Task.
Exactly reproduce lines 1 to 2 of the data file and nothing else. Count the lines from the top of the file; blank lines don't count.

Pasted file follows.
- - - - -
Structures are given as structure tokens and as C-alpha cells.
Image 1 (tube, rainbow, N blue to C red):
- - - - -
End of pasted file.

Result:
Structures are given as structure tokens and as C-alpha cells.
Image 1 (tube, rainbow, N blue to C red):